Sustainable Prospects – Considering Others and Experimenting – Duchenne de Boulogne
Whilst researching facial expressions and emotions, I became aware of the work of French neurologist, Guillaume Benjamin Amand Duchenne or as he was better known, Duchenne de Boulogne.
“It is only photography, as truthful as a mirror, which could attain such desirable perfection.”
– Duchenne de Boulogne (Joshi, 2017)
In the middle of the nineteenth-century, Duchenne believed that photography could be used to record instantaneous human responses to stimuli. He differed in this opinion to most medical practitioners of the time with this view, as they still believed that drawing was still the best means to illustrate the human body. He strongly believed, despite contemporary thought, that “photography could render the ‘truth’ of his experiments effectively, as the subject’s expressions were too fleeting to be drawn or painted”(Joshi, 2017).
Figure 1: Duchenne de Boulogne
Duchenne’s area of interest, was studying the effect that introducing electric stimulation to the face would have on the appearance of the expression. He stimulated facial muscles with small electric shocks delivered via electrodes to the faces of 5 volunteers.
Duchenne was researching and experimenting with the therapeutic use of electricity. He used an alternating current to stimulate certain muscles in the volunteer’s face. The muscles were stimulated individually with electrodes that applied the current to the skin in a precise place without pain.
During his life, Duchenne discovered several genetic disorders including Duchenne muscular dystrophy, which is named after him.
Figure 2: Duchenne de Boulogne
Duchenne was also the first scientist to identify the facial muscles and through his experiments, show they create our expressions.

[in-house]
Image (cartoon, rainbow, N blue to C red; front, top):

In my earlier post, I discussed how a true smile is symmetrical, forming evenly across the face. Duchenne discovered through his experiments that a true smile of happiness uses the facial muscles on both sides of the face, as well as muscles around the eyes.
This is really useful to know when working with models to produce smiles in images that look genuine and not forced.
Figure 3: Duchenne de Boulogne
Ensuring that the correct muscles are used is key to making sure that the viewer will interpret the intent of the images I produce in the way I want them to be interpreted.
Duchenne began the experiments with 5 volunteers, but most of his images centre around one man. The man was a former shoemaker, who has remained anonymous to this day. The man suffered from Bell’s Palsy and his facial features were paralysed, meaning that his expression could only be altered when electricity was applied to his facial muscles. He is seen in the majority of Duchenne’s image. The Bell’s Palsy meant that the man did not feel the extent of the pain of the applied electricity as much. Duchenne described the man “as ‘old and ugly’. . . his wrinkled skin responded well to the effects of the current, providing clear delineation of facial expressions.” (Joshi, 2017)
Duchenne applied the electric shocks to the faces of his subject, whilst photographs were taken by Paul Tournachon, son of Félix Nadar. Duchenne carried out over 100 experiments on the shoemaker (Reporters, 2017). It was through this subject (who had no facial movement of his own) that Duchenne proved that a genuine or true smile is produced by particular facial muscles. According to Reporters, 2017, in “physiology, the authentic smile is called the ‘Duchenne smile’.”